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Muscle hypertrophy is a scientific term for the growth and increase of the size of muscle cells. It differs from muscle hyperplasia, which is the formation of new muscle cells.
Several biological factors such as age and nutrition can affect muscle hypertrophy. During puberty in males, hypertrophy occurs at an increased rate. Usually natural hypertrophy stops at full growth in the late teens. Some methods used to increase muscle hypertrophy include strength training, nutritional supplements, and anabolic steroids.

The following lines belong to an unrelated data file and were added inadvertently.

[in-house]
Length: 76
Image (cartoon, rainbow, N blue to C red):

Muscle hypertrophy is most effectively done by undertaking strength training, though it can also occur during other short duration, high intensity anaerobic exercises such as interval training, rowing, cycling and sprinting. Lower intensity, longer duration aerobic exercise generally does not result in organ hypertrophy, instead causing greater storage of fats and carbohydrates within the muscles, as well as neovascularization.
For hypertrophy to occur in the skeletal muscles, the muscle must be directly stimulated. Hypertrophy can be pathological in many organs; for example in the heart, non-exercise based hypertrophy of the left ventricle can be associated with up to a four fold risk of dying over the following 5 years. In skeletal muscle, it is usually helpful and increases strength.
Types of hypertrophy